Cybersecurity Threat Advisory: HTTP/2 vulnerability
Amazon Web Services (AWS), Cloudflare, and Google announced measures to mitigate unprecedented distributed denial-of-service (DDoS) attacks that utilize an innovative HTTP/2 Rapid Reset technique. In this Cybersecurity Threat Advisory, learn the details of this threat, what the risks are, and how to mitigate the risk.
What is the threat?
HTTP/2 Rapid Reset exploits a weakness in the HTTP/2 protocol to generate enormous, hyper volumetric DDoS attacks. A DDoS attack is when attackers disrupt normal traffic of a targeted server, service, or network by overwhelming the target with a flood of internet traffic. This zero-day vulnerability enables threat actors with a critical exploitation to deliver attacks of a magnitude never before witnessed.
Why is it noteworthy?
Rapid Reset isn’t in a particular piece of software but in the specification for the HTTP/2 network protocol used for loading webpages. Since threat actors can abuse the underlying weakness in the HTTP/2 protocol, any vendor that has implemented HTTP/2 will be subject to the attack. Unlike a Windows or Safari bug that gets patched by Microsoft or Apple, a flaw in a protocol can’t be fixed by one central entity as each website implements the standard in its own way. Organizations and individuals must work on their own protection to mitigate risk from this vulnerability.
What is the exposure or risk?
HTTP/2 is used by 35.6 percent of all websites. The percentage of requests that use HTTP/2 is at 77 percent per data. Google Cloud has observed multiple variants of the Rapid Reset attack. While it is not as effective as the initial version, this vulnerability provide more efficiency than the standard HTTP.2 DDoS attacks.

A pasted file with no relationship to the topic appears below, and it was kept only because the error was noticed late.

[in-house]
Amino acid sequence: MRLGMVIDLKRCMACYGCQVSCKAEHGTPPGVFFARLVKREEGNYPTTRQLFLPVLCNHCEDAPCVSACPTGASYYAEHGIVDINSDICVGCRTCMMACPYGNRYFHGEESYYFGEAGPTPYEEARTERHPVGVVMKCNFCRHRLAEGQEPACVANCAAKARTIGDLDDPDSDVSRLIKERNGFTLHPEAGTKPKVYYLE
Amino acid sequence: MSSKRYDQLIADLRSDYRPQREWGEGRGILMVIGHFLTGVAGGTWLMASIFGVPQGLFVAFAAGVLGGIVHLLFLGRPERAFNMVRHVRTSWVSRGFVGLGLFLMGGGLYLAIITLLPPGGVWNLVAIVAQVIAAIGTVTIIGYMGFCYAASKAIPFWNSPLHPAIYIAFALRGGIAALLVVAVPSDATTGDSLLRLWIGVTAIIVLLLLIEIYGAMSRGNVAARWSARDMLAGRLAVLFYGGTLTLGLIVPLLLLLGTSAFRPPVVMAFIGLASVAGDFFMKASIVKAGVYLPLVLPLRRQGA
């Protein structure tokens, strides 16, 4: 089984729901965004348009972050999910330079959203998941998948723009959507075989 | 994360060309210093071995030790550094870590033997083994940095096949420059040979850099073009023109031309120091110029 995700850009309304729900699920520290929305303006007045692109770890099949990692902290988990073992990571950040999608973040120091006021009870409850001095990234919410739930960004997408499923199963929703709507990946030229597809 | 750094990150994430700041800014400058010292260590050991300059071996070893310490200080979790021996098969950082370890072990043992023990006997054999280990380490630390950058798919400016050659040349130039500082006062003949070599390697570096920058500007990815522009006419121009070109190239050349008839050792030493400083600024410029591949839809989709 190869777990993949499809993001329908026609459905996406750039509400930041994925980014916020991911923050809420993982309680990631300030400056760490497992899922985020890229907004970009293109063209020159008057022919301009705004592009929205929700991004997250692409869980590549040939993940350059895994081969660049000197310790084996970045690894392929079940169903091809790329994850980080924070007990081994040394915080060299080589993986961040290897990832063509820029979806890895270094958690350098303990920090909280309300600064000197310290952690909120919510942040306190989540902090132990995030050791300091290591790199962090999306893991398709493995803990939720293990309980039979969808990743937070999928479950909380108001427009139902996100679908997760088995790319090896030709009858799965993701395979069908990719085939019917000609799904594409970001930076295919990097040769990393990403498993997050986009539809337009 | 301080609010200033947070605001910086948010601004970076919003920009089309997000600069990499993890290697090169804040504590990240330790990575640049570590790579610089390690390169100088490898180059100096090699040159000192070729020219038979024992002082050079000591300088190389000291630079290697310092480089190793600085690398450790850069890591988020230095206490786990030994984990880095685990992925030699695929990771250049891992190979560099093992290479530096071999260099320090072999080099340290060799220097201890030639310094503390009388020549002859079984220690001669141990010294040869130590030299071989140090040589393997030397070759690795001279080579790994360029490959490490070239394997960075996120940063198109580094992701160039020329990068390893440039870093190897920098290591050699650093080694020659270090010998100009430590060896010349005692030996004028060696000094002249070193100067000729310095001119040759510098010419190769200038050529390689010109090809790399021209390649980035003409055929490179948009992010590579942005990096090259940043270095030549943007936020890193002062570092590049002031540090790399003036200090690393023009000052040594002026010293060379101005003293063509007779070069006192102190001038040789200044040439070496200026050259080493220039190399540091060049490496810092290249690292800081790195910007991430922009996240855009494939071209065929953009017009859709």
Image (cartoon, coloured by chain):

What are the recommendations?
Barracuda MSP recommends the following actions to limit the impact of HTTP/2 DDoS attacks:
- Understand your external and partner network’s external connectivity to remediate any Internet facing systems with the mitigations below.
- Ensure your DDoS Protection resides outside of your data center because if the traffic gets to your datacenter, it will be difficult to mitigate the DDoS attack.
- As a last resort, consider turning off HTTP/2 and HTTP/3 (likely also vulnerable) to mitigate the threat. This is a last resort only, because there will be a significant performance issues if you downgrade to HTTP/1.1
- Deploy web server and OS patches to all Internet-facing servers, and ensure automation, such as Terraform builds and images, is up to date to prevent accidental deployment of outdated web server versions over secure images in production.
For more in-depth information on the recommendations, please visit the following links:
- HTTP/2 Rapid Reset Zero-Day Vulnerability Exploited to Launch Record DDoS Attacks (thehackernews.com)
- HTTP/2 Rapid Reset: A New Protocol Vulnerability Will Haunt the Web for Years | WIRED
If you have any questions about this Cybersecurity Threat Advisory, please contact our Security Operations Center.